There are walls that join and walls that divide. The wall behind my computer screen separates my apartment from a family who, in some form or other, has lived on the other side since before FDR. They invited us to Christmas dinner two days after we first moved in and have asked us to countless Fourth of July and Labor Day and Easter barbecues since then. They warn us when they see rats lurking in the ivy out back, or when my wife has left her keys in the gate under the stairs, and they’ve confidentially offered to break the knees of any future suitor who has the misfortune of slighting our currently-six-year-old daughter. They were beyond sheepish and contrite about suing us when a tornado knocked our chimney through their roof and our insurance was slow to pay. The wall behind my computer screen is brick and load-bearing and divides for the best. It is finished otherwise on the other side, but I’m sure my neighbors feel the same.
I’m equally sure the fence out back makes me a better neighbor to the older Chinese couple who live to my left. I admire the perennial effulgence of their regimented hydrangeas and I have never once imagined what it would be like to have Christmas at their place. Until now. It’s just as well it never happens. I don’t know the people who live behind my building other than that a woman who used to live on the ground floor behind us had the world’s worst laugh. The kind of laugh that jolts you out of your darkest existential musings and makes you think about ending it all now. Or moving. Or both. Anyway… said neighbor has either stopped finding anything in life to laugh about… or she’s moved. I can’t imagine there not being a fence around the back yard. Without it my clematis and climbing roses would feel aimless and squat. So would I. It would like gardening in the nude. But worse.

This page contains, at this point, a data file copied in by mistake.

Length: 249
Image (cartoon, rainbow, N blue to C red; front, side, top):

The wall in the common hallway of my building was not a dividing wall until it had legs. It was and is a joining wall. One that joins me and my upstairs neighbors together. It is ours collectively. Our hall. Our wall. We share the expenses of plastering and painting and keeping it clean. None of us has parents who were born before The New Deal. Some of us think the hallway looks better with giant construction paper legs growing from the baseboards. Others feel differently. But a shared hallway should never be a fence between vertical neighbors.
Maybe that’s one of the things about mending walls Frost was talking about? The strange dance between division and cohesion that makes the best walls work on both sides. Sometimes toes will be stepped on, but as long as everyone is willing to keep their feet moving there is a hope of music in the footwork.
This was supposed to be a post about arms. So much for that.